In a Eureka moment Sam saw that a better way had to exist. With no history in business Sam stopped working as a doctor, invested all his savings and incorporated MedRecruit in August 2006. He turned the tables on the traditional client focussed models - which met with industry disapproval an even some threats - and instead created a doctor-centric agency that had an objective way of matching doctors to work that matched their lifestyle, career and financial goals.
With that in mind Sam and his then girlfriend (now wife) Claire did a road trip around New Zealand and down the East Coast of Australia visiting all the hospitals and convincing them to work with MedRecruit based really on nothing more than the promise of great things to come. Sam utilised his own networks to initially reach the doctors.
An innate understanding of the market, a clear picture of how doctors ‘worked’, savvy brand initiatives and his own in-built tenacity, turned MedRecruit from a great idea to becoming the largest medical recruitment agency in New Zealand in 2011.
Given his original field work he also had Australia on the radar. In early 2009 Sam saw that the New Zealand market might start to tighten up because of the fiscal pressures the hospitals were facing. As a result Sam initiated a direct marketing strategy in Australia in June of that year. At this point Australia was only 3% of MedRecruit’s business, but with this strategic entry into Australia by June 2010 Australia constituted 67% of MedRecruit’s business.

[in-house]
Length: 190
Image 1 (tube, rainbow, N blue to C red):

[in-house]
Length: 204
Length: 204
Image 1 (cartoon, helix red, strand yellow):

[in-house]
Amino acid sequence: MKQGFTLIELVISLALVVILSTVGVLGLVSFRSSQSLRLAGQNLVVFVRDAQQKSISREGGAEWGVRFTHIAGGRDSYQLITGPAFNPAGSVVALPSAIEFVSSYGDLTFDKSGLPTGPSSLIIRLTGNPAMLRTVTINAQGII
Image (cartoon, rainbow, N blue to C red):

Kat Gee, Kagi
At age eight the signs were there that Kat Gee had the perfect DNA for developing what is today New Zealand’s leading designer jewellery brand specialising in versatile solutions.
The fact she was born and bred in what she calls a ‘perfect entrepreneurial hothouse’ (her father was the driving force behind some of the country’s largest garaging companies) helped, but selling Fimo pendants at school to playing dress up in her Grandmother’s bead drawers indicated a career in the business of design seemed inevitable. The Mikimoto pearls her Grandmother hid in her undergarments as a POW in WWII Indonesia still hold a significant place in her mind.
Her academic and leadership qualities indicated that Kat had both a natural drive as well as intellect to be able to develop anything she put her mind to. She became both Head Girl and Dux at the prestigious Rangi Ruru Girls School in Christchurch. Following 1st Class Honours at Massey University in Wellington, she was awarded the title of NZ Design Ambassador which took her to centres of design excellence around the world
Despite these advantages and achievements the road to having her Kagi line wholesales through over 160 outlets Australasia wide was not without some hitches.
Starting a business at age 24 in an industry that she found she knew little about—and moreover one with very strong links to tradition and an ‘old boys club’ style of operation—created a baptism by fire initiation that Kat had to contend with. In the first 6 weeks alone she lost 6kg and hardly slept as she sat on hotel beds in foreign countries trying to create designs that would be her future. Her steely resolve ensured that her venture would succeed at all costs. As she remembers from that time: “how do you know you’re swimming unless you’re in deep water?”